Ontario Court Voids Termination Provision for Non-Compliance with the Employment Standards Act
Date: August 19, 2014
In Miller v. A.B.M. Canada Inc., the Ontario Superior Court again nullified a termination provision in an employment contract because it did not strictly comply with the requirements of the Employment Standards Act, 2000 (“ESA”).
The plaintiff worked for the defendant for 17 months in a middle management position at an annual salary of $135,000.The plaintiff had prior human resources experience and the position he was hired into was responsible for, among other things, monitoring compliance with legislation such as the ESA. The termination provision in his employment contract provided for payment of salary during the notice period but not for payment of his car allowance or his 6% pension contribution during this period, an omission which resulted in the Court’s finding of non-compliance with the ESA.
The Court also found that given the plaintiff’s background in human resources and the role that he accepted (where he was responsible for compliance with employment legislation), he had some responsibility for the fact that the contract fell below ESA standards. It awarded three months’ notice, a notice period which is on the low end for a short service middle management employee.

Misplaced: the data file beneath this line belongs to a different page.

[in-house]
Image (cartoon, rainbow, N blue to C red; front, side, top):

It is not clear if, or the extent to which, the Court took into account the plaintiff’s role in entering into an unenforceable contract. However, it remains to be seen whether future courts will hold plaintiffs somewhat accountable where it is found they are partially responsible for agreeing to an unenforceable term in an employment contract.
For a more detailed discussion of this case, see our Case in Point blog post “Another Reminder to Employers: Draft Termination Notice Provisions with Care.”